I like the idea of the v belts over timing as one of the things I hope to get out of doing this is to silence the beast. My step pulley Bridgeport runs smooth and quite and I am hoping for the same on this when I’m done.

What I am having trouble wrapping my head around is the motor is 1725 rpm’s, and max rpm of vari speed is 4000 rpm, what diameter pulleys will I need to get that same ratio? I know there must be some equation to figure it all out but I don’t know what it is.

Thanks

Speed ratio is determined by pulley diameters. If you have a 4" motor pulley driving a 2" spindle pulley, the spindle will be running 2X as fast as the motor (4/2). If you turn that around, and put the 2" pulley on the motor, and the 4" pulley on the spindle, then the spindle will be turning 1/2 the motor speed (2/4).

You need to decide what you want your max spindle RPM to be, and what maximum VFD frequency you will run, and select your pulleys from there. You will no doubt be using a larger pulley on the motor than on the spindle, so the spindle is spinning faster than the motor. If using the stock motor (not VFD/inverter-rated), it seems usually safe to run 2X the base frequency. If using an inverter-rated motor, you can often go even higher. USe the largest pulleys you can fit into the available space, to get the greatest belt contact area.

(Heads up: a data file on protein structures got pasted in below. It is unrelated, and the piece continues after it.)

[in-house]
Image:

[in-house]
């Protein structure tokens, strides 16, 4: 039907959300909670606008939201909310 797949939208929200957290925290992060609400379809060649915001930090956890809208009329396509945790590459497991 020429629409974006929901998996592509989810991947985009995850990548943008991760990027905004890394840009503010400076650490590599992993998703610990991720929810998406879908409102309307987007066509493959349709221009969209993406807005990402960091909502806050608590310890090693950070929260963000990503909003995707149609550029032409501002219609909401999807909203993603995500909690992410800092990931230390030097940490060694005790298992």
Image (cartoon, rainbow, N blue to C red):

So, if your motor is rated 1725 RPM, and you run the VFD up to 120Hz, that will give you 3450 RPM at the motor. If you want 5000RPM for your max spindle speed, then you need a pulley ratio of 5000/3450 or 1.45:1. So if your motor pulley is 5" diameter, the spindle pulley must be 5/1.45 or roughly 3.5" diameter.

Finally, make sure your low-end RPM is reasonable. A good sensorless vector VFD should provide usable torque down to perhaps 10Hz. For the above example, this would give you 5000 * 10 / 120 = 416 RPM. Note that, depending on the motor, running extended periods at low RPMs may cause the motor to run hot.

Regards,

Ray L.